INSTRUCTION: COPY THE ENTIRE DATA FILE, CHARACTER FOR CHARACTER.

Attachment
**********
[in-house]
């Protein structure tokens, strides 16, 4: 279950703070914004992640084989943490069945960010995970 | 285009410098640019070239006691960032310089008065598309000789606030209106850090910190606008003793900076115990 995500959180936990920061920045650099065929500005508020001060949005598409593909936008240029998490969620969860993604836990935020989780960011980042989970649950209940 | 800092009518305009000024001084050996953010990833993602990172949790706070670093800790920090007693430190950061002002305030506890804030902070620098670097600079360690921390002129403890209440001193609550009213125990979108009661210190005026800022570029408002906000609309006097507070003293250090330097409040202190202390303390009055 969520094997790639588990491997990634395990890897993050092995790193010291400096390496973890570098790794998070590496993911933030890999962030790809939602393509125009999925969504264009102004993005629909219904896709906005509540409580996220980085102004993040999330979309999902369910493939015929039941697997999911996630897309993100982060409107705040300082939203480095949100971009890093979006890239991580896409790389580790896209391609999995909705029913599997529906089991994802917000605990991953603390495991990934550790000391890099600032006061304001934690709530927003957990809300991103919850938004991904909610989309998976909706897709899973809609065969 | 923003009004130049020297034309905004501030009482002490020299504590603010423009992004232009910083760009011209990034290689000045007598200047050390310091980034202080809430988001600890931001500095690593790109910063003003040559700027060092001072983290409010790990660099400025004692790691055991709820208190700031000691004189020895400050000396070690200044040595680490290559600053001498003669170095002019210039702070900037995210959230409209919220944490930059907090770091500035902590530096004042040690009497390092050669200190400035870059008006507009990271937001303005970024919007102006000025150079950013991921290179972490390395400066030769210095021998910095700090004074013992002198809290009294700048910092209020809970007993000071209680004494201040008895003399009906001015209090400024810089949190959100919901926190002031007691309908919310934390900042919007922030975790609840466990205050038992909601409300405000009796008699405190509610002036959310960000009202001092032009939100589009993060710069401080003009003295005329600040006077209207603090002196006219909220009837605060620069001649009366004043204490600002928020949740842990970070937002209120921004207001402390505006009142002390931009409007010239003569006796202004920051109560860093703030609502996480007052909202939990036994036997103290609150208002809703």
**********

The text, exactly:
[in-house]
């Protein structure tokens, strides 16, 4: 279950703070914004992640084989943490069945960010995970 | 285009410098640019070239006691960032310089008065598309000789606030209106850090910190606008003793900076115990 995500959180936990920061920045650099065929500005508020001060949005598409593909936008240029998490969620969860993604836990935020989780960011980042989970649950209940 | 800092009518305009000024001084050996953010990833993602990172949790706070670093800790920090007693430190950061002002305030506890804030902070620098670097600079360690921390002129403890209440001193609550009213125990979108009661210190005026800022570029408002906000609309006097507070003293250090330097409040202190202390303390009055 969520094997790639588990491997990634395990890897993050092995790193010291400096390496973890570098790794998070590496993911933030890999962030790809939602393509125009999925969504264009102004993005629909219904896709906005509540409580996220980085102004993040999330979309999902369910493939015929039941697997999911996630897309993100982060409107705040300082939203480095949100971009890093979006890239991580896409790389580790896209391609999995909705029913599997529906089991994802917000605990991953603390495991990934550790000391890099600032006061304001934690709530927003957990809300991103919850938004991904909610989309998976909706897709899973809609065969 | 923003009004130049020297034309905004501030009482002490020299504590603010423009992004232009910083760009011209990034290689000045007598200047050390310091980034202080809430988001600890931001500095690593790109910063003003040559700027060092001072983290409010790990660099400025004692790691055991709820208190700031000691004189020895400050000396070690200044040595680490290559600053001498003669170095002019210039702070900037995210959230409209919220944490930059907090770091500035902590530096004042040690009497390092050669200190400035870059008006507009990271937001303005970024919007102006000025150079950013991921290179972490390395400066030769210095021998910095700090004074013992002198809290009294700048910092209020809970007993000071209680004494201040008895003399009906001015209090400024810089949190959100919901926190002031007691309908919310934390900042919007922030975790609840466990205050038992909601409300405000009796008699405190509610002036959310960000009202001092032009939100589009993060710069401080003009003295005329600040006077209207603090002196006219909220009837605060620069001649009366004043204490600002928020949740842990970070937002209120921004207001402390505006009142002390931009409007010239003569006796202004920051109560860093703030609502996480007052909202939990036994036997103290609150208002809703």